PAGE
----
‘Overnight we found the company was gone’: How Bell Pottinger Asia recovered from the London scandal

The collapse of Bell Pottinger not only took the PR world by surprise, but was a shock the management of the Asian operations, said Mark Worthington, managing director of the rebranded Klareco Communications.

“Overnight we found the company had gone,” Worthington told the Mumbrella Commscon conference, revealing the Singapore office only found out about the UK operation’s collapse from a staff member seconded to the London HQ.

Kloreco’s Ang (centre) and Worthington (right) with Mumbrella’s Abigail Dawson

Worthington, along with CEO Ang Shih-Huei, described how the agency scrambled to save its client base in the wake of the collapse of the high-profile communication agency’s London office.

Bell Pottinger folded spectacularly in 2017 after the South African Mail and the Guardian revealed the agency had engaged in a dirty tricks campaign to support the politically connected Gupta family’s business interests in the country.

As the size of the scandal became apparent, British clients fled the business, forcing it into liquidation in September 2017.

Worthington was scathing about the London office’s performance as the crisis developed: “I don’t want to speak ill of people who have now found themselves in quite difficult situations but, I mean, had they done anything, it would have been probably better than what what they actually did.

What would it look like to us or to many people in the industry was paralysis. They were not communicating internally or externally, they didn’t seem to have a plan, any action was slow and ultimately when they did come out with some words, because they had no action, they were treated as empty.”

Looking to save the Asian operation from London’s fate, Worthington and Ang looked to buy Bell Pottinger’s 90% stake in the Singapore-based business.

“Part of the negotiations with the administrators were ‘do you actually have time to negotiate a deal with attractive buyers when what you had was a matter of days?'” said Ang.

“If we did not have evidence of a deal we might have been returning to Asia with no clients. We had concerned clients who were already outlining plans of departure, plans of action that needed to be taken to their boards or management where they would step away like clients in London did.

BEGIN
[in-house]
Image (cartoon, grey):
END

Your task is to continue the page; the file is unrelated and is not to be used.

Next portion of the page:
“We persuaded the administrators this was a reality they were facing. They might not have a deal at all if they waited days.”

However with Ang being a director of the UK business and holding the balance of Bell Pottinger Asia shareholdings, Worthington had to lead the negotiations for the management buy-out.

“We decided that I would be the voice of hardball. And it needed us to sit there and say if we don’t get a deal within this time frame, we’ll be back on a plane, we won’t be at the office on Monday, the place will collapse, you’ll have fifty staff to look after and that will be your problem.

“We didn’t mean that, and we didn’t want that. We were doing that for our staff, but we had to take a position, and that ultimately helped to work this through.”

After the successful buy-out and renaming of the business to Klareco – Esperanto for clarity – the two hit another staffing problem.

“One of the things that we have not fully appreciated actually because while all this was unfolding on the other side of the world and the Bell Pottinger name was mud. We were probably focused on the issue of ‘do we have a business at the end of this?’ What we didn’t realise at that time was maybe how much our staff were struggling and falling out of love with working for Bell Pottinger.

So this was doubly complicated when we came out with Klareco everyone was elated, but there were a number of people whose hearts had left the building. So it wasn’t just about getting them to buy into the new brand, we had to win them back.

If we were doing it again I’d want to put a bit more emphasis on that, because it was something that we really learned about later on.

Despite Worthington’s criticisms of Bell Pottinger’s former UK executives, he said the company would work with them if called on to help with crisis management: “If they ever want to employ us in the future to come back and advise companies in the UK about this, we’re very happy.”


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